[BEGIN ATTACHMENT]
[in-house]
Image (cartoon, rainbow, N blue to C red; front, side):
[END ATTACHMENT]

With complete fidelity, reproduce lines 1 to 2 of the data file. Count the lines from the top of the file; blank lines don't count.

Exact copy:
[in-house]
Image (cartoon, rainbow, N blue to C red; front, side):